Saturday, April 4, 2009

Thursday, April 2, 2009

Contemporary Hotel Menu, 1970's

Hello Room Service? Yeah, hi, this is Gino De Young in room 4421. It's been a long day at the park, and I'd like to order dinner. We'll start with...
- 2 shrimp cocktails
- 2 of the filets, medium rare
- a bay lake cheese tray with brie
- The hospitality package, with Dewars and Fitzgerald's Bourbon
- a chocolate rum moose and a southern pecan pie
Can you tell me the room service charge? $36.20? OK, great, I think that should be it. About how long? Half hour? Perfect.











This handsome menu from the late (?) seventies was placed in Contemporary Resort rooms at Walt Disney World. I love the abstraction of the North and South facade of the hotel turned into a pleasing pattern.

Wednesday, April 1, 2009

Sony Pictures site design - 1999






SPE was the original name for the Sony Pictures site. Sony wanted pages on SPE focused on teens, soap opera, action and comedy fans and kids in order to support new portals for these markets, as well as to give the entire site a visual makeover.

The color system was expressed in textural patterns, content headers and small details such as links, providing each sub-brand with a unique look on the same template. These existed together on the home page and needed to be compatable. The SPE brand was enhanced in with a romantic hollywood feeling and integrated with the new golden navigation scheme. Multiple opportunities to highlight movies and television shows and their related merchandise were created.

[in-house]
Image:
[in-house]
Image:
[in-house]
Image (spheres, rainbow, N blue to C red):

On each sub-brand page, space was provided for Sony to highlight content from the new portals - here shown as Unitic for teens, and the Laugh Hole for comedy.

Monday, March 30, 2009

Captain & Tennille - Love Will Keep Us Together

  • Requires Toni Tennille's trademark bob.
  • Features one lucite bar stool.
  • Has Toni sitting...
  • ...playing a white piano.
  • Is not a sped up version of the song (a lip sync is acceptable.)
This is not a perfect performance, but four out of five isn't bad.


Not to disrespect Toni's obvious talents, but for a lipsync, her primary job was to exude incredible, nearly insane levels of happiness, which she did perfectly here.

Update: This was the runner up, and I'm sure some would say it's a superior performance. They're actually performing, but her exuberance isn't at the level of the other clip (you've got to give her credit though, she's got both her hands full.) Nice set, but no lucite stool.

eParties: The invitations






reduced in size


I thought it would be interesting to take a closer look at the eParties invitation system.

Before eParties was a company with it's own management and people working for it, there was just an idea from Sky Dayton and Jake Winebaum to capture the market for party supplies online and provide useful functional tools for a party planner. At the time, we were combining the staff of Venu Interactive with the very small eCompanies staff and doing the design work out of the Venu offices in West Hollywood, while eCompanies was located in temporary space in Santa Monica.

eParties attempted to differentiate itself from other offerings by providing high-quality visuals. We were aware of Blue Mountain, which at the time had hokey little greeting cards, and then suddenly eVite was on the scene with a similar set of badly drawn invitations. In order to expedite the creation of the hundreds of themes required at launch, we created the card viewer, which allowed minimization of the invitation theme to two small areas at either side of the invitation message, while still providing a browser window full of colorful "invitation." The party information and RSVP tools were integrated into this viewer along the right edge, and just about that time, we began understanding the new power of the viral application, so every invitation came with a suggestion to "Throw your own eParty!"